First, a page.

Classify a real number as a whole number if it is 0 or a positive integer. For example: 0, 1, 3, and 11.

Classify a real number as a natural number (or counting number) if it is a positive integer. For example: 1, 9, and 42.

Number Classification Practice Questions

Question #1:

The number 4 is not included in which group of numbers?


Whole numbers

Irrational numbers

Natural numbers


The correct answer is irrational numbers. Irrational numbers are numbers that cannot be written as a simple fraction or decimal, like π. Natural numbers are counting numbers: 1, 2, 3, 4 . . . Whole numbers are natural numbers and zero, and integers are positive and negative whole numbers.

Question #2:

What classification is the number i?

Real number

Irrational number

Imaginary number



The letter i is used to represent the imaginary number \(\sqrt{-1}\).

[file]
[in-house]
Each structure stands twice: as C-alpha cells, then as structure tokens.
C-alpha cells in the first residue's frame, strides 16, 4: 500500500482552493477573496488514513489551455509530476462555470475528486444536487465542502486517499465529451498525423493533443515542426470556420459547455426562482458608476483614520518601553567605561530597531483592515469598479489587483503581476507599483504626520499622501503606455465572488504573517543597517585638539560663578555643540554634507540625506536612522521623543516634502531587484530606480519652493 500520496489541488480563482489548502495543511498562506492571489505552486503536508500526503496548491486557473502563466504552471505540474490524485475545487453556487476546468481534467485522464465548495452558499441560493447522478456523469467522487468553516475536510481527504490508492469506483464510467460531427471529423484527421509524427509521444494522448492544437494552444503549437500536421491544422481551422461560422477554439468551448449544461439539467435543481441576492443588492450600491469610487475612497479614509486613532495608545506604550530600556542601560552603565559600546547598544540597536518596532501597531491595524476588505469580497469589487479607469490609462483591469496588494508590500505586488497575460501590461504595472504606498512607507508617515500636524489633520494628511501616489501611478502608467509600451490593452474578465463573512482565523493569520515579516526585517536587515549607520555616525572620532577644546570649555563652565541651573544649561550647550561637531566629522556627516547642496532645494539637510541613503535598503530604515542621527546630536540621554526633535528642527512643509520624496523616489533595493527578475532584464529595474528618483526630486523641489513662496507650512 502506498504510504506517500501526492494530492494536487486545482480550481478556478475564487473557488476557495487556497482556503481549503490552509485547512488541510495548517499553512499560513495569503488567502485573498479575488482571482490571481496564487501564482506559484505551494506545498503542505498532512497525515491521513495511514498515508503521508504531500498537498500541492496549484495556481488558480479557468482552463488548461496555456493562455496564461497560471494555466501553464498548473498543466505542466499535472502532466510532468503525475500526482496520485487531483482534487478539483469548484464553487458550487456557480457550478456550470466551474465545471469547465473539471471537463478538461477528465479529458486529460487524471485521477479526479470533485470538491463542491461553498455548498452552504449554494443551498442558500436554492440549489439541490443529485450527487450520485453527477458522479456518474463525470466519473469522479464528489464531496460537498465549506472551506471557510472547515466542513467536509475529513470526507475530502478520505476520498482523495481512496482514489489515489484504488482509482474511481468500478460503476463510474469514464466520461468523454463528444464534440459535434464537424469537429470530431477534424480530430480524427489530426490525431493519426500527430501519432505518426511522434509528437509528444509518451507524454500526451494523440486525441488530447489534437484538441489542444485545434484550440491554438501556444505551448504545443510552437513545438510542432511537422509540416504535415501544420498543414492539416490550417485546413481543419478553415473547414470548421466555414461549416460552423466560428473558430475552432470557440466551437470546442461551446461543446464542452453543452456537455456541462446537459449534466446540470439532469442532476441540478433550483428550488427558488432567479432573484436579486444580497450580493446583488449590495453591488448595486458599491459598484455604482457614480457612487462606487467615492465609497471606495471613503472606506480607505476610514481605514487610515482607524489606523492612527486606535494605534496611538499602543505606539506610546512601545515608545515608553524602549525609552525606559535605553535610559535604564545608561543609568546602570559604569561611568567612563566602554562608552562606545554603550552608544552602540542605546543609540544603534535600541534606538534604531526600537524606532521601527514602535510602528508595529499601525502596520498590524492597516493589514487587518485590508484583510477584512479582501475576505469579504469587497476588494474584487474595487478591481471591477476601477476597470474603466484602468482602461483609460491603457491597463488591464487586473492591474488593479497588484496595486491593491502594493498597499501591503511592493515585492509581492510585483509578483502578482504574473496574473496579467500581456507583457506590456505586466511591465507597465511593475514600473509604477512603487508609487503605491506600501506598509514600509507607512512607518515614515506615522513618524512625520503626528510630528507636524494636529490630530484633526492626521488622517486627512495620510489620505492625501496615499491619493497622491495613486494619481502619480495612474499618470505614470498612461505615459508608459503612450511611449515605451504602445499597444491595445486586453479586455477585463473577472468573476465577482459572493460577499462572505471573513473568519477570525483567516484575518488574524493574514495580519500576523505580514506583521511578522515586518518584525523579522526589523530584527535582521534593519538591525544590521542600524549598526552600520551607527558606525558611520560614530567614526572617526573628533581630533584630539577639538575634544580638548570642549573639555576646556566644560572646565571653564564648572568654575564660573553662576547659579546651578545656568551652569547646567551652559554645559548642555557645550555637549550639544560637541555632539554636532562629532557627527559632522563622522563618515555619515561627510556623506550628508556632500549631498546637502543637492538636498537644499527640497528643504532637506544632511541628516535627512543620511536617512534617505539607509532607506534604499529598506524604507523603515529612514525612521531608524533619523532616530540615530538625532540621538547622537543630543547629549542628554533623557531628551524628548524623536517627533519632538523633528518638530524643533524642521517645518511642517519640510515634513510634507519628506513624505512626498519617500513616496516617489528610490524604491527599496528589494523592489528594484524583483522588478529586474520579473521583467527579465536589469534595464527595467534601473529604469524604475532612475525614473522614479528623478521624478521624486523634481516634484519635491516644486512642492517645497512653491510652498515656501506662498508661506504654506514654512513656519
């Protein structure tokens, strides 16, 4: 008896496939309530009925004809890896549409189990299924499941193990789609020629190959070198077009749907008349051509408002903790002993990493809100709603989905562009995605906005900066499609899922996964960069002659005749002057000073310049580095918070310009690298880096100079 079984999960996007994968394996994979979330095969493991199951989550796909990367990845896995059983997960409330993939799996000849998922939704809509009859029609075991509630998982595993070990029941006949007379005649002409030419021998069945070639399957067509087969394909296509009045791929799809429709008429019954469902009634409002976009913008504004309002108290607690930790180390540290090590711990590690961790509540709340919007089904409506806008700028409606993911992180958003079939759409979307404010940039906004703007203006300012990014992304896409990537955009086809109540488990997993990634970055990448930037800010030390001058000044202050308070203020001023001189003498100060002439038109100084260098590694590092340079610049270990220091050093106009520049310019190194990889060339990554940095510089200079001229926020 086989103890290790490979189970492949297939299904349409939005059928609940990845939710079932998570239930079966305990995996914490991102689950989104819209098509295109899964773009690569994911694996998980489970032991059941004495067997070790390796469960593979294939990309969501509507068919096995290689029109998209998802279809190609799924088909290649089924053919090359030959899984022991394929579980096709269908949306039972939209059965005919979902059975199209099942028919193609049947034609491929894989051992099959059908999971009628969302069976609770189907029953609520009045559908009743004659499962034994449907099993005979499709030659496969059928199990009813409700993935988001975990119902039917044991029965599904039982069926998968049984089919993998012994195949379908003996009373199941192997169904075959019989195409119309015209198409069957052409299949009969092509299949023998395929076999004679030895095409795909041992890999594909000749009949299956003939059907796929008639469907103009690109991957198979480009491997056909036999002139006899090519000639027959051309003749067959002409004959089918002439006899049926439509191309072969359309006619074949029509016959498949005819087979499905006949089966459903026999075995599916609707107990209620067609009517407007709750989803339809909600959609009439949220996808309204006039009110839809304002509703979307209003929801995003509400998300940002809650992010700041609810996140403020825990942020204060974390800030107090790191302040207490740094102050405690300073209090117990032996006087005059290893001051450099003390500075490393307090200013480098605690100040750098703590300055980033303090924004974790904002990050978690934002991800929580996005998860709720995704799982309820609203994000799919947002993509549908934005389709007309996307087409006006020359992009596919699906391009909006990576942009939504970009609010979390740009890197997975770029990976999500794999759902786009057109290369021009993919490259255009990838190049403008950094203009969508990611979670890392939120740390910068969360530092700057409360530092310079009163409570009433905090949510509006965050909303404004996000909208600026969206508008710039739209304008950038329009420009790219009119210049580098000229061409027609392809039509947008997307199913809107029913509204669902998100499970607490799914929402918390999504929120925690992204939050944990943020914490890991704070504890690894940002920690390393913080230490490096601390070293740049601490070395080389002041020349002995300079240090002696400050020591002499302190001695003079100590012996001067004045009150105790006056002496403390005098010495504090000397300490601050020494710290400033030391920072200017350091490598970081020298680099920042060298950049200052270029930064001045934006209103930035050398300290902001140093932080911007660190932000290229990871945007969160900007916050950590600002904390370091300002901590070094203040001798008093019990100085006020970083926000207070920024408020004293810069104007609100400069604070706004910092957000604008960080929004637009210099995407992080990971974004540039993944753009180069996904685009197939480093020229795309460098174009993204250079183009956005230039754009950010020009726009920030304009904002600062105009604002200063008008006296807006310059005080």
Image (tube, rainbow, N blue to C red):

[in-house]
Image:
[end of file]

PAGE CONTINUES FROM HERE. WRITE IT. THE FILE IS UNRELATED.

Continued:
Question #3:

What is the difference between a whole number and an integer?

Whole numbers can only be zero or positive natural numbers, but integers can also be negative natural numbers

Whole numbers are numbers that have no fractional part, and integers are fractions or decimal numbers

Whole numbers do not include zero, but integers do contain zero

Whole numbers have no imaginary part, but integers can have an imaginary part


Whole numbers are the set of all natural numbers including zero, and integers are positive and negative whole numbers. Neither whole numbers nor integers have a fractional or imaginary part.

Question #4:

Is 2.713 a rational number?




Cannot be determined


2.713 is a rational number. Rational numbers are all numbers that can be expressed as the division of integers. In other words, rational numbers are any number that can be represented by a fraction or a decimal.

Question #5:

Which of the following numbers is not odd?






16 is an even number, not an odd number. An odd number is any number that cannot be divided by 2.




by Mometrix Test Preparation | This Page Last Updated: December 27, 2023